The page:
This may be the case across almost all the world, but down in South America, Brazil especially, this is far from the case. Cachaca is the distillate of choice. Cachaca is a sugar distillate not too dissimilar to rum, but it arguably lacks the same smoothness of some rum products. Regardless of its texture, it has been used in one of the 20th century’s most popular cocktails. Served across the beaches of South America, be it Brazil, Argentina and even Uruguay, Caipirinha’s are a source of great joy for locals and tourists alike.

The standard recipe for a Caipirinha takes half a lime (cut into wedges) and muddles it with brown sugar, then after topping up with crushed ice, 2 measures (around 50ml) of Cachaca is added. A quick stir later and you’re sipping on a very strong, but refreshingly crisp cocktail.

This cocktail is traditionally served with crushed ice in a rocks glass.

Classic (American/UK) Caipirinha Recipe

50ml Cachaca

½ lime (cut into wedges)

2 teaspoons brown sugar

Top up ice.

Top tip: very gently muddle the lime with the sugar until the sugar has all but dissolved. Then add the cachaca and give it a swizzle stir. Serve with 2 straws.

This recipe is so easy to tweak to your tastes its perfect for chilled evenings watching the football with your pals, or catching up with your girlfriends after a busy day shopping. Either way this versatile drink can be tweaked several ways:

Short Cachaca Mojito

45ml Cachaca

½ lime (cut into wedges)

2 teaspoons sugar syrup

2-5 mint leaves

Top up crushed ice.

Splash of soda water

This version of the Caipirinha is simply a short version of a Mojito using cachaca instead of rum. Using the same method for the standard Caipirinha, only when muddling the lime and sugar you muddle the mint leaves too.

The splash of soda water adds the familiar mojito fizz, without diluting the drink.

Margarita Caipirinha

40ml cachaca

10ml triple sec

¼ orange (cut into chunks)

2 teaspoons sugar syrup

Top up crushed ice.

This cocktail uses the margarita as inspiration, mixing triple sec, cachaca and lime to create the feel of a margarita but served in a traditional South American way.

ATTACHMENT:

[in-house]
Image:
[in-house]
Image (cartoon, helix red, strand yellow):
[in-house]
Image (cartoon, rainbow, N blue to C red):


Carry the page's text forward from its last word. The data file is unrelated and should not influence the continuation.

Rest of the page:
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Try using all your favourite fruits in Caipirinha’s you try at home, this one is made with Passion fruit. Just add a little bit of your fruit to the muddling phase…

The interchangeable alcohol idea:

A famous north American/European cocktail known as the Caipiroska is a simple twist on the standard Caipirinha cocktail. The Caipiroska uses high quality vodka, lime and sugar to the same ends as a Caipirinha. The idea is that this is a refreshing drink using an alcohol that North Americans and Europeans are used to (vodka).

Classic Caipiroska Recipe

50ml high grade vodka (i.e. Green Mark)

½ lime (cut into wedges)

2 teaspoons brown sugar

Top Tip: If you have it available, use agave nectar. This sugar syrup like product is fantastically sweet and works brilliantly with this cocktail (as well as mojito’s but that’s a discussion for a future post).

If you find this drink a little too strong for your tastes, then try having it in a taller Collins glass and top up with soda water…

One last note about the Caipiroska; the citrus noted above is lime, but because vodka is such a neutral spirit, there is no reason why you cannot use the same quantities of any citrus fruit; some good examples and quantities are as follows:

Orange – ¼ orange (cut into chunks)

Lemon – ½ small lemon (cut into wedges/chunks)

Grapefruit – ¼ small Grapefruit (cut into chunks)

After note: now it has come to my attention (through a source) that the above recipe is purely an Americanised version of the cocktail. I have it on good authority (see the comment below) that the original recipe from Brazil actually uses lemons. Although they are actually green lemons! It’s quite easy to see that from an american point of view if it’s green it must be a lime… Well this is not true. Brazilians use what are simply green lemons. So if you want a Brazilian Caipirinha (and you don’t mind swapping out the green colour for yellow) replace the lime chunks with lemon. For an extra special twist, shave a large full circumference slice of lemon peel and fit it around the glass (after muddling the chunks & sugar), then add the ice and Cachaca … Whichever recipe you choose I’m sure you’ll enjoy the drink all the same. sure lemons will change the flavour slightly, but it’ll still be a refreshing summer drink!

Drink up I’ve just ordered you another one!

Thanks to http://thingsthatfizz.wordpress.com/ for the advice below!